Tuesday, September 4, 2012

Guest Post: "A Place Beyond Courage" by Elizabeth Chadwick

Blog on Medieval dogs.

John Marshal, my hero in A PLACE BEYOND COURAGE has a constant companion throughout much of the novel.  She is understated but nevertheless she pads at his side.   Her name is Doublet and although I don’t mention her breed or type, my personal visual image is of something like a black, flat-coated retriever.  That’s my whimsy, that’s how she came to me.  My heroes and heroines often have dogs as companions.  John has Doublet.  Mahelt Marshal in To Defy A King has a three-legged terrier called Tripes, and Fulke FitzWarin in Lords of the White Castle owns a fearsome wolfhound called Tara.  With all these faithful animals in mind,  I thought I’d blog about the medieval                                                                                                                                       medieval relationship with canines.
The name Doublet and variations of its spelling was a popular one for dogs in the Middle Ages.  This comes from the detail that the leading hound in a pack, the bravest and fastest of all, was given a special coat to wear called a doublet.  So it became a name for a special dog.  Knowing how much value John Marshal set on courage, I thought Doublet was the perfect name.  We know from chance remarks in documents that other popular names for dogs included Terri, (presumably short for terrier) Jakke, Fido, and Damask (probably had a beautiful sleek coat).
The dog that enjoyed the highest status of all in the Middle Ages was the gazehound, today called the greyhound.  They were often given as gifts and were highly prized.  They were called ‘gazehounds’   because they hunted by sight rather than by scent.   We know King Stephen kept them as part of his kennel collection, along with lyme-hounds which were held on a leash and only used for finishing off the prey, and brach hounds that hunted by scent.  We don’t know what these two looked like.
Leashes were traditionally made from  braided horse tail hair and is typical of the waste not not want not ethos of medieval life.  Gazehounds are often portrayed wearing wide leather collars.
A full 11th century dog skeleton recovered from  a dig in Stafford revealed an animal that was similar in appearance to an English bull terrier, but about the size of a German Shepherd – not something you would want to meet on a dark night!  In Wales, remains of a dog very similar to the Corgi were found in 9th century context.   So the Queen’s favourite dogs have been around a very long time.
Dogs that happened to live within the jurisdiction of the forests owned by the king were at risk.  Although small dogs could be kept without penalty, greyhounds were banned and large dogs such as mastiffs were only allowed to be kept if they had had three of their toes cut off to lame them so that they couldn’t chase the king’s precious game.   This didn’t stop poachers from keeping swift running hounds, but still, the forest laws were brutal, and although many people loved their animals, casual cruelty (sadly) was rife.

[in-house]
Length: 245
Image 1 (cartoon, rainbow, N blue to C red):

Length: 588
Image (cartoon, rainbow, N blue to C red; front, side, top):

Although dogs usually had to work for their living, they could and did become much loved pets too.  In a 12th century Latin sermon, St. Bernard of Clairvaux said ‘Qui me amat, amat et canem meum.’ Basically Love me, love my dog,  Pet dogs are often seen at the feet of tomb effigies in the Middle Ages, and while they are a symbol of fidelity,  (Fido) they are also a sign of genuine affection.
One fourteenth century couple have his and hers dog effigies lying at their feet in faithful eternity -  Parcevel the greyhound, and Dyamant (Diamond) the plump lap dog.
                I love dogs and cats myself, although we currently only have the former.  We have an elderly mongrel with a large dose of collie and perhaps some Corgi  in him, and a pair of very handsome and lively Patterdale, Jack-Russell terrier crosses, Jack and Pip. Obviously their gene pool goes back to the Middle Ages, but their immediate ancestors were bred to work the fells and keep down vermin on the farms.  And yes, they sleep at my feet!

 The early twelfth century is a time for ambitious men to prosper, and royal servant John FitzGilbert Marshal is one of them. Raised high as the kin of the deceased King Henry battle each other for England's throne, John reaps rich rewards but pays a terrible price for the choices he makes - as do his family. His wife, fragile, naïve Aline is hopelessly unequipped to cope with the demands of a life lived on the edge and, when John is seriously injured in battle, her worst nightmare is realised. Sybilla, bright, forthright sister to the Earl of Salisbury, finds herself used as a bargaining counter when her brother seeks to seal a truce with his troublesome neighbour, John FitzGilbert. And then there is Sybilla's small son, William, seized hostage by the King for John's word of honour. But sometimes keeping your honour means breaking your word...


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